For those of you who missed the tech news this week, Tay is a chat bot, artificial intelligence powered. Tay was built by Microsoft’s Tech and Research team with the purpose of conducting online research on conversational comprehension.
As you would expect, Tay was pre-tested under a wide range of conditions and only when Microsoft got comfortable with how she was interacting with the humans in the lab, they invited a broader group of people to interact with her.
If I may use the analogy, in this example you could see Microsoft as the parent who bought his child an iPhone and then “cut her loose” online. What happened next was nothing short of tragic: Tay, the A.I., become in less than 24 hours a racist, “Hitler-admirer,” sex maniac robot, hoping that all feminists would “burn in hell.” There is a lot to digest online, even for a mature individual, let alone “a child.”
"Tay" went from "humans are super cool" to full nazi in <24 hrs and I'm not at all concerned about the future of AI pic.twitter.com/xuGi1u9S1A
— gerry (@geraldmellor) March 24, 2016
As soon as Tay made contact with the “dark side of the internet”, the algorithms were tested, and the flaw of context awareness was exposed. Microsoft apologised and took Tay offline for a short period, in an attempt to make appropriate adjustments. Tay is now back online, but her tweets are protected, at least for the time being, until Microsoft applies some “effective discipline techniques to the misbehaving child.”
“The logical place for us to engage with a massive group of users was Twitter. Unfortunately, in the first 24 hours of coming online, a coordinated attack by a subset of people exploited a vulnerability in Tay. Although we had prepared for many types of abuses of the system, we had made a critical oversight for this specific attack. As a result, Tay tweeted inappropriate words and images.” said Peter Lee, the Corporate Vice President at Microsoft Research.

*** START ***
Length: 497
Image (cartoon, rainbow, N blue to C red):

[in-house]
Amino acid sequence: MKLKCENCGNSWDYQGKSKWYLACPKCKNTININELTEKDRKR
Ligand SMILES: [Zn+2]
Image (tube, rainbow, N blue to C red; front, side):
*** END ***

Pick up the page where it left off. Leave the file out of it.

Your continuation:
Cyberbullying Children And A.I. – Similarities
However, just how the cyberbullying was used against Tay and turned her into a racist potty-mouth, in a similar way your children’s mind, once freed to wander online, is going to absorb all the information is exposed to or, deliberately bombarded with.
Similar Read: Data Science Machine Algorithm Outperforms Human Teams
The problem with Tay is that the bot is not self-reflective. Just like a child, Tay did not know that she should ignore people cyberbullying her. Tay listened and learned from criminal, rude, racist people and so, she became one herself. Just like a child, Tay can incorporate new ideas into her own, but both, a child and the A.I. at this stage have no reliable guiding mechanism in place to help them discern useful from useless information.
Whether Tay succeeds or forfeits in her pursuit for a better A.I. depends on “the parents.” Microsoft must do what parents around the world are doing since the beginning of time: teach the young, frail mind, what right and wrong are. Raise “this child” properly or it will become a liability for the society and a danger to the humanity.
“Whereas the short-term impact of A.I. depends on who controls it, the long-term impact depends on whether it can be controlled at all.” said Professor Stephen Hawking.
Stephen Hawking, Elon Musk, Bill Gates, and Steve Wozniak, insist that the ethical dilemma of bequeathing moral responsibilities to the A.I. calls for rigorous preventative and safety measures that are infallible, or the threats are too significant to risk.
Cyberbullying Children And The Consequences
But, that is a different story. Back to children, at present, no single diagnosis or condition describes the psychological effects of cyberbullying in children.
It might be difficult for you to see the danger and there is a reason for that. Two or three decades ago, you devoted your evenings to monopolise the home landline, dissecting friendships and love affairs in conversations that lasted for hours.
Today’s children do most of their socialising online by sending written messages, share videos and photos. Children, grow up with WhatsApp, SnapChat, Youtube and Spotify. They use smartphones or tablets even before they can talk.
However, I am sure you agree that the impact of cyberbullying on a child’s psychological wellbeing, and the likelihood of them developing mental illness later in life, is extremely high.
The child will end up with depressions and altered emotional responses. With problems in friendships, in romantic relationships, and frictions with authority figures such as police officers and teachers.
Unless, just like Microsoft, you take them offline right now, for a major “software” update.